Monday, August 21, 2006

Cricket Chaos 2

I've briefly summarised what happened at the Oval yesterday, below. Not very clearly, I'm afraid - I'm in a ranting mood. So you might want to check out a different version of events, here, before I go off on one.

Here's what's wrong:

The Umpire, Darrell Hair, couldn't have actually seen any Pakistan player tampering with the ball. Sky Sports has about 26 cameras on the ground. Even if all the players aren't always on camera, whoever has the ball certainly is. No TV camera saw anything dodgy being done to the ball.

The Umpires inspect the ball constantly throughout the game - at the end of each over, in fact. But Darrell Hair decided that the ball had been tampered with after the first delivery of an over. So it must have been fine at the start of the over, and not one delivery later - what happened in that time? I'll tell you what happened - the ball swung.

I won't bore you with a history of swing bowling, but basically you need to know this: for a hundred years bowlers preferred the ball to be new and shiny so they could get it to swing. Then in the late eighties/early nineties a couple of bowlers in Pakistan found a way to make an old ball swing - but in the opposite direction. It's called reverse swing. At first they were accused of cheating, but now they're acknowledged as pioneers and everybody tries it. Reverse swing relies on the ball being dry, and scuffed up on one side.

In this match, it had taken about fifty-five overs before the bowlers - on both sides - had been able to get the ball to reverse swing.

Darrell Hair saw the first delivery of the fifty-sixth over. He watched the ball swing, and decided to inspect it. He saw that it was scuffed. OF COURSE IT WAS. It was fifty-six overs old and had been hit into the stands a few times. He hadn't seen anybody tamper with the ball, he'd just seen a scuffed ball. There's a big difference.

Then instead of warning the Pakistan captain, or discussing it with the bowler, he went ahead and changed the ball - in effect declaring that Pakistan were cheating.

Darrell Hair has a history of doing things like this - especially to the Pakistan side. In the past he has penalised one of the Pakistan spinners (Danesh Kaneria) for running down the pitch - when most other umpires would issue a warning first.

He was also the umpire who penalised the Sri Lankan genius Muralitharan for 'throwing' - again without a warning.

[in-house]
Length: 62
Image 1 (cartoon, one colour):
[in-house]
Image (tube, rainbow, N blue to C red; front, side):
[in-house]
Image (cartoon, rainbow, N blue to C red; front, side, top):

In fact, over the Winter, the Pakistan authorities complained about Darrell Hair, and asked that he not be appointed to umpire any more Pakistan matches.

Keep all that in mind when I tell you a few things I don't understand about the official statment that was released last night.

Let's start with this:
"At a meeting between the captains, ECB [English Cricket Board], PCB [Pakistan Cricket Board] and match referee, the players, ICC [International Cricket Council] match referee and boards indicated that they would offer to resume play if at all possible on day five.
The umpires having awarded the match to England and having consulted with the Pakistan captain reconfirmed their decision to award the match to England."

So, hold on, the ECB, PCB, ICC, players and match referee all agreed the game could carry on this morning. That's everybody. Except the umpires. So Darrell Hair stamped his petulant little foot and refused to go and umpire? Is that what happened? He said - oh no, I've already declared the game's over, and that's final...?

Who is he to do that? The umpires are there to facilitate and regulate the game. Not to make some point or to stop everyone enjoying a good match. In my opinion, both umpires should be sacked. Neither should ever umpire a Test Match again.

That's even if it turns out that the ball was tampered with. (And it clearly wasn't.)

The umpires are appointed by the ICC. Why can't they overturn Darrell Hair's decision and get somebody else out there to umpire the rest of the match?

I am also not entirely happy with the conduct of the England team. At the time when the ball was changed, if the Pakistan players were protesting that the ball hadn't been tampered with, the English batsmen should have refused to pick a replacement. OK, if that seems a bit too gentlemanly for the modern game, then later, when the Pakistan players refused to take the field, the batsmen should also have stayed in the pavilion to show solidarity. Then the umpire wouldn't have been able to award England a forfeiture.

I'm most upset that all the news coverage of this has called it a 'ball tampering scandal'. There was no ball tampering. This is a 'match forfeit scandal' or an 'umpiring scandal'.


James Casey said...

The glaring one for me is Hair not having the decency to accuse Pakistan of cheating any way except implicitly. That's a really nasty way of impugning someone's honour.

Apparently Hair asked Inzamam, when the umpires went back into the pavilion for the first time, if they were coming out; Inzamam asked if they were being accused of cheating, and Hair said that wasn't the issue. They then went back out and removed the bails. Not entirely sure if he specifically warned Pakistan of the consequences of their actions.

Joe said...

Yes, I heard that too. If that's true, I'm not sure whether the Darrell Hair actually followed the procedure set down in the Laws of tha game for forfeiting a match. If a team does anything that the umpires think constitutes a refusal to play, they're meant to ascertain from the captain the causes of this, and ask whether the team still refuses to play (Law 21.3). Only then, if the team does still refuse to play, can the umpires decide the match is forfeited.
Of course, I don't know what exaclty happened in that dressing room, but I'd be surprised if the conversation went exactly as I've just described.